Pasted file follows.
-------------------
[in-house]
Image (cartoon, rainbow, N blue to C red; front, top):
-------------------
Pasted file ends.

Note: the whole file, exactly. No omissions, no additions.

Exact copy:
[in-house]
Image (cartoon, rainbow, N blue to C red; front, top):